Bella English

Marriage reaches an end, but she never saw it coming

By Bella English
May 30, 2010

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I recently heard that a couple I have known for several years was divorcing. It was a surprise to me; they’d seemed happy. But it was an even bigger surprise for the wife: She thought they were happy, too. Until her husband — a good-natured, low-key guy — walked out on her with these words: “I’m not happy and I haven’t been for years.’’

So much for their 25-year marriage that had produced two great kids, a family home, a retirement fund, a beloved dog, and the constellation of friends and relatives that make up the cheering section of a couple’s life.

“I never saw it coming,’’ says the woman, who was devastated. They hadn’t been in counseling, hadn’t ever had any major fights. On their 20th anniversary, five years earlier, they had renewed their wedding vows.

Weren’t there hints, signs, something amiss that she should’ve caught? I mean, if your husband was getting ready to bolt, wouldn’t you have even half a clue?

But then I came across a book written by Vikki Stark called “Runaway Husbands: The Abandoned Wife’s Guide to Recovery and Renewal.’’ The book’s cover bears a fishbowl with one fish swimming contentedly and the other leaping out of the bowl.

Stark, a family therapist in Montreal, interviewed 400 women around the world who believed they were in a happy, secure marriage. Until the husband tapped them on the shoulder and said, “I’m out of here.’’

“They loved their husband, but more importantly, they thought their husband loved them,’’ says Stark. The couples ranged in age from 45 to 60, and the marriages were of some duration, not the drive-through wedding-chapel-in-Vegas thing.

These are not monster marriages out of a Tennessee Williams play or a Shakespearean tragedy. They’re “low-conflict,’’ as Stark calls them. In fact, most of the men seemed devoted — until they left, showing no remorse at all.

What happens is that a man turns middle- to late-middle-age and says: Is this all there is? “I’ve been the good son, the good husband, the good father, the good provider.’’ In 95 percent of the cases, there’s something else: another woman. Duh.

“The value of being in the marriage just drains away very suddenly and he’s just going to go for the possibility of a more exciting sexual relationship and hopes to refashion himself,’’ says Stark. “Very often, these men are salt of the earth. They’re very devoted husbands, pillars of the community, in positions of authority.’’

Here are some more factoids in Stark’s book: The girlfriends, though younger than the men, aren’t usually trophy-wife types. And most men leave their wives in November or December. (Do they want to save on Christmas gifts, or what?)

Here’s how some of the husbands broke the news to their wives. On the way to the grocery store. Over morning cereal. In a Post-it note stuck to the television. Worse, in a text message. Then there was the man who left two letters on the kitchen counter: one for the wife, one for the son.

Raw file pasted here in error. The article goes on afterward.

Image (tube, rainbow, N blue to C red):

Probably to rationalize their own bad behavior, the husbands say things like, “I never loved you,’’ and “Our marriage was never good.’’

One man said he was very social and his wife didn’t “participate enough’’ when they went to parties. Another said, “You have knee problems and I love to go hiking.’’

That’s nothing compared to Madeleine Albright’s husband, who, nominated for a Pulitzer, decided he’d stay if he won, leave if he didn’t. He didn’t win, and he didn’t stay.

Richard Rein, a psychologist and marriage counselor at Relationship Resources in Braintree, has seen this phenomenon in his practice — in both husbands and wives. Usually, he says, men who are dissatisfied tend to withdraw from the relationship instead of communicating what the issues are. Or, he may speak, but the wife isn’t listening, or isn’t taking it seriously.

Men tend to “fall into’’ affairs rather than plan them, says Rein. But for either husband or wife, once there’s emotional — not just sexual — intimacy with someone else, it’s a big threat. Still, statistics say that only 7 percent of affairs result in marriage. And, obviously, Rein usually sees clients who want to work on their marriages.

Many of you — and me, too — are thinking that the betrayed women Stark writes about are better off without these louses, these losers, these Lotharios. I asked her why the wives were caught so unaware. Wouldn’t you have a hint if your beloved was packing his bags?

“I’m a marriage and divorce counselor, and it happened to me,’’ replies Stark.

She was married 21 years. She was 57, he 59. “If you had asked me 10 minutes before he left to describe him, I would have said, he’s sweet, adorable, appreciative, affectionate, a nice husband.’’

He also apparently was sweet, adorable, appreciative, and affectionate to his girlfriend — of six years, as it turned out.

Stark had nursed him through a liver transplant, “killing myself to keep him alive,’’ as she puts it. One night, he came home from work and she said, “I bought fish for dinner.’’ He said, “It’s over.’’

Stark went into shock and mourning. Then she got even: She wrote a book. She wanted to understand what had happened, to help other women understand, and to give them strategies for getting through.

What do you do with your revenge fantasies? How about those photo albums that document a lifetime together?

Stark wants to make one thing clear: She’s not out to diss men. “There are a lot of great men out there.’’

But you won’t find them in her book.

Globe columnist Bella English lives in Milton. She can be reached at

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